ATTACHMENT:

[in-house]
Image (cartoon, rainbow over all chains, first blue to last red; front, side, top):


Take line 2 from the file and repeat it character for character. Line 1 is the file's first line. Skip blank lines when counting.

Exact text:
Image (cartoon, rainbow over all chains, first blue to last red; front, side, top):